Keep the faith!

Bored, tired and not interested

Group of young bored teenagers hanging around the shopping Centre at Kingston,  South London.People in Europe are bored, tired and not interested in the European Union (EU). Not engaged, not motivated to know or to support. And because they don’t know what is going on in the EU, they couldn’t care less. Not only is the average European citizen careless, but when they do care it is in negative terms. The EU is this big monster that wants to eat you alive, so we better keep it as far away from our homes as possible. “No sir, no need to know more. It’s dangerous. Out with it!”.

And who can blame them? Why should they bother going through hundreds and hundreds of pages of information about policies, instructions and laws to inform themselves. “How boring, surely THAT is not the duty of a citizen? I mean come on, I have litte time left in my day and I have my Facebook page to check. Now if learning about the EU would be as fun as my Facebook account, maybe then I would be interested….”.

bureaucrat1The politicians in Brussels also don’t get it. I mean they did everything they could to inform people about the benefits of the European Union. Hundreds of brochures with very helpful information have been sent to people all over Europe! “Surely they have read them? Surely they know how important the EU is? What more can we do? I mean, we are all very busy and we hardly have enough time to attend all my meetings!

Now, If someone could find me a way to actually save time AND create engagement with citizens…I’d be all for it…..”.

Enter, gamification: the art of making seemingly boring things fun to do. Not because the topic as such (“Euro-information”) will all of a sudden be cool, engaging and awesome. Absolutely not. Politics and policy as such may never be that. But, we CAN make the process of getting people to interact with (political) information fun and winning.

Here’s an example. Our Octalysis Group Guru Yu-kai Chou is working with a client on helping their employees learn extremely boring accountancy and financial regulation. Normally this is done via traditional workshops and reading page after page of rules and regulatory text. Yawn! What Yu-kai Chou is doing is to make these employees soak up these rules and regulations, without reading ANY documents. All fully gamified via Human Focused Design: putting the person (and it’s motivational drives) first, rather than the product or policy. And they are lovin’ it!

So we know that we can make learning about accountancy and application of financial regulation fun and motivating, and achieve something like this:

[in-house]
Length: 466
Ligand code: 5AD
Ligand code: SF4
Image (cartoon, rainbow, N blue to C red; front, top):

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The Happy Accountant!

 

Can we do the same for people and the EU?

People spend an average of 10 seconds on a webpage before going back to their Facebook pages. Why do they do that? Simply because Facebook is more fun and engaging. We know that we can make serious things engaging and fun through well executed Gamification, and politics and policy is no exception. Obviously, we also need to tackle issues in policy itself (economic development, inequality, growth, immigration and integration issues), but in order for people to even WANT to engage, the process itself needs to be engaging. If not, people will just go back to their Facebook accounts…

Obviously this will involve a lot more than just slapping some cool badges and leaderboards on the EU website or spamming citizens with messages about being in Flow through reading EU policies. What it takes is understanding what truly drives people in their behaviour. What makes a policy platform motivational for people to interact with? Does it tickle my innate craving for autonomy, purpose and creativity/development? And also, does it inspire me to interact now by embedding elements of surprise, curiosity and scarcity? Finally, how does the platform allow me to have social influence and interact with other users?

Gamification doesn’t always mean crafting a great website or app experience. A lot of the simplest games we played on the street as kids already had most of the elements I describe above in them. We need to start thinking creatively on how gamification can help in reaching bored, tired and not interested people. If it helps in getting people to enjoy learning boring things, who knows there may still be hope for the EU.